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Tuesday, June 18, 2024

Manufacturing sector returns to growth in April

The Saigon Times

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HCMC – The Vietnamese manufacturing sector got back to growth in April, with a solid expansion in new orders, according to the S&P Global Vietnam Manufacturing Purchasing Managers’ Index (PMI).

The PMI increased to 50.3 in April from 49.9 in March, a slight improvement in sector health for the third time in four months. This growth was driven by a solid expansion in new orders, fueled by improved market demand and securing new customers.

While new export orders also grew slightly, the pace was softer compared to total new business. To attract customers amidst rising input costs, particularly in oil, shipping, and sugar, manufacturers offered discounts.

Although production increased marginally, firms reduced employment for the first time in three months, impacting order completion times. Backlogs of work rose, reflecting the challenge in meeting demand with reduced staff.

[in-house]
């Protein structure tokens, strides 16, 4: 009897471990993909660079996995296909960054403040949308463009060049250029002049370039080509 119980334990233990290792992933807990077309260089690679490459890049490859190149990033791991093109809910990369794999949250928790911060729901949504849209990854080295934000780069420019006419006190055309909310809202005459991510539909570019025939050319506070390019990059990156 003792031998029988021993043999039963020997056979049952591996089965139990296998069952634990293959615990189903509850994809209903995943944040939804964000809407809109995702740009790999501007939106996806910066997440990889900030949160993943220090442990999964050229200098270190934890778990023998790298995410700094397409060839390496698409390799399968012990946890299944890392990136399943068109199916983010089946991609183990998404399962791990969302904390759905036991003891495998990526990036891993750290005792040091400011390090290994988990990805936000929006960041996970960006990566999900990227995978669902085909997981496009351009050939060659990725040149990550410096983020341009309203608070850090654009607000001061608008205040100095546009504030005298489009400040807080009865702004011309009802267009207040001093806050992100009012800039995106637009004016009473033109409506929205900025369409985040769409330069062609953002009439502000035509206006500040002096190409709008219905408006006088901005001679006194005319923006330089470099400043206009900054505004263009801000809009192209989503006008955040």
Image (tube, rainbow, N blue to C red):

“There was a welcome return to growth of new orders in the Vietnamese manufacturing sector in April following recent weakness,” said Andrew Harker, economics director at S&P Global Market Intelligence.

He noted that the rebound in new orders may have caught firms by surprise, leading to a build-up of backlogs as they had previously released workers due to muted demand conditions.

Purchasing activity improved slightly in response to higher new orders, but inventory levels continued to decrease for the eighth consecutive month. Despite stable supplier delivery times, market instability contributed to a decline in business confidence.

However, there were positive signs as supplier delivery times remained unchanged in April, ending a three-month sequence of lengthening lead times. Some firms indicated that sufficient stock holdings at suppliers enabled them to expedite deliveries.

Recent market instability led to a drop in confidence, with sentiment down to a three-month low. Harker expressed hope for a more stable environment ahead, aiding manufacturers in production planning and resourcing.

“We will hopefully see a more stable environment in the months ahead, helping manufacturers to plan production and resourcing effectively,” said Harker.

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